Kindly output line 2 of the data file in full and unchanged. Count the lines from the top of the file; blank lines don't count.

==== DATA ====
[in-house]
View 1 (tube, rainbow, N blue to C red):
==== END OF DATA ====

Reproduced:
View 1 (tube, rainbow, N blue to C red):